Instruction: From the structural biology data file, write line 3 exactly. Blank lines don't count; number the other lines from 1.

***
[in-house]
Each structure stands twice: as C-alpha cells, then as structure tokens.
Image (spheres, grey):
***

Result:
Image (spheres, grey):